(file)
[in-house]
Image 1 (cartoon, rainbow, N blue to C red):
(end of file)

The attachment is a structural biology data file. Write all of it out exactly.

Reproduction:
[in-house]
Image 1 (cartoon, rainbow, N blue to C red):